After all the quires were sewn together, I had to attach them to the cover. No craft stores in our area had good boards to work with, or really anything good at all for making a hardcover book. We ended up using the same type of poster board used for presentations, which I glued double- thick so it would have a good weight to it. Once we had to give up on using actual boards for the cover, I gave up on boring holes into it. If you don’t know, in medieval books, the sewing supports (in this instance, booktape) is threaded through boards from the outer edge of the cover to the inside, and then secured with pegs. I imagine this creates a very stable binding. Instead, I simply glued the book tape to the outside of the cover.This would retain the cool texture you see on the cover of medieval books, where the leather is slightly raised over the sewing supports, but I wouldn’t have to drill a hole in poster board I just glued together. In Figure 6, I am using a bone tool to flatten the book tape on the outside of the cover. The pressure spreads out the glue evenly on the tape and the cover, and makes sure there are no air bubbles.
There are many instances in this process going forward where you leave the book to dry for several hours or longer. I usually left it overnight to make sure glue dried completely. I won’t mention every time this happened going forward, but know that every time I mention gluing something, that there were at least a few hours that the book sat wrapped in wax paper with many other books on top to keep it flat.
Since my research revealed no information on how medieval scribes made spines, I went with the version I learned at the library. You measure the section of the textblock (the sewn quires) and cut a piece of cardboard the length and width of the text block. I added an eight of an inch at the top and the bottom of the spine, as well as on all sides of the cover. Medieval covers were the exact size of the textblock, which is a preservationists nightmare. If stored upright on a shelf, the pages would rub on the shelf, messing them up. Since this book was probably going to be on a shelf, I went with a cover and spine slightly larger than quires.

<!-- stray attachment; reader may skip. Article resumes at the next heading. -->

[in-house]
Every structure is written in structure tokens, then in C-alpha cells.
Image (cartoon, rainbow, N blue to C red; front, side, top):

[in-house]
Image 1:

I glued the spine to the faux-leather we were using on the cover. In Figure 7, you’ll see it attached to the fabric, and cuts around the top. Without going into too much detail, you cut the fabric around the top of the spine and at the corners of the cover to make it easier to fold around. Next, you glue the fabric to the outside of the cover, making sure no glue gets on the actual pages of the manuscript. If you are a future class member, look to the detailed instructions for the rest of this process. Once the fabric is glued to the outside of the cover, you glue the excess to the inside of the cover, folding it over the edges and using a bone tool so it lies flat and the glue is evenly spread (See Figure 8). **note that the fabric in figure 7 and 8 is different; the original fabric was too thick. It won’t change color in the binding process.
Once you have secured the fabric to both the outside and inside of the cover, it starts to look like a book. Unfortunately, you are not finished yet. Modern books have what are called endsheets, which manuscript scholars call pastedowns. These folded pieces of paper or parchment cover the leather, making it look nicer, since you don’t see the edges of it. They also serve a protective purpose: keeping the leather or other decorations from touching the quires. This could cause staining in the case of leather, or tears, in the case of books with
ornamentation that has worn through the wooden boards, potentially poking into the text itself. You glue the outer half of one of the folded sheets to the inside of the cover, making sure no glue gets on the quires. The other side is not secured to the
textblock or the cover. I used paper handmade by my friend Hope from GutWrench Press as endsheets. After you have endsheets on both covers, add any decoration you want. Lainie found corner protectors, so I added those. The other decorations we had looked like they should have been attached to the fabric before I glued it to the cover, but that is way beyond my skillset. Maybe one day I can reproduce a treasure binding, but not yet. I’ll leave that to future students in this class.
–JH Roberts, PhD Student
All photographs by JH Roberts and Lainie Pomerleau